Gilroy shooter had ‘target list’ with religious, political groups
The 19-year-old gunman who used an assault-style rifle to shoot people at the Gilroy Garlic Festival last week had a “target list” made up of religious institutions and political groups of both parties, as well as federal buildings and courthouses, authorities said.
Given the threats to nationwide organizations, the FBI is opening a domestic terrorist investigation into the shooting, FBI special agent in charge of the San Francisco office John Bennett said.
The FBI has not made a conclusion as to his motivation, and the shooter left no manifesto, Bennett said. The gunman was exploring violent, competing ideologies, and “there was nothing that was all one-sided or the other,” he said.
The shooter, Santino William Legan, cut through a back fence to get into the food festival and began shooting at random with a weapon he bought in Nevada weeks earlier, authorities said.
Three people — 6-year-old Stephen Romero, 13-year-old Keyla Salazar and 25-year-old Trevor Irby — were killed in the shooting, and more than a dozen people were wounded.
The gunman was shot multiple times by three responding police officers, and he then killed himself with a self-inflicted gunshot wound to the head, Gilroy Police Chief Scot Smithee said last week.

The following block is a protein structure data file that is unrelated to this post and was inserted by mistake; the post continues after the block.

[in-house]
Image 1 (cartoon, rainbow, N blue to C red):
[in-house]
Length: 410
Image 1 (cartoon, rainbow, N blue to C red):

In a search of his digital media, the FBI found a list of nationwide organizations that may have been potential targets. Those include religious, government and political organizations, including federal buildings, courthouses, and the food festival.
The gunman was wearing body armor when he fired 39 total rounds into the crowd, Smithee said. He had a 75-round drum magazine that fit into his weapon, and there were 71 rounds left in the drum when he died. In addition, he had two 40-round magazines on his body, two 40-round magazines on the ground, and one 40-round magazine that was on or near him, Smithee said.
A Remington shotgun was found in his vehicle, and his nearby backpack had two loose rounds, a rifle scope, flashlight, shovel and buckshot rounds for the shotgun.
An Instagram account bearing the shooter’s name, created days before the shooting, posted two messages shortly before the attacks. One post was a photo of people walking around the Garlic Festival, and another post made a reference to a white supremacist text.
Law enforcement sources previously told CNN of finding extremist material in the shooter’s Nevada apartment.
Family releases statement
Also on Tuesday, Legan’s family released a statement through their attorney saying they were “deeply shocked and horrified” by his actions.
“We have never and would never condone the hateful thoughts and ideologies that led to this event, and it is impossible to reconcile this with the son we thought we knew,” the family said. “Our son is gone, and we will forever have unanswered questions as to how or why any of this has happened.”
They apologized to the families of the victims and said that every member of the family had cooperated with the investigation.
“To the City of Gilroy and to everyone affected, we are tremendously sorry. No words can begin to express this,” the family said.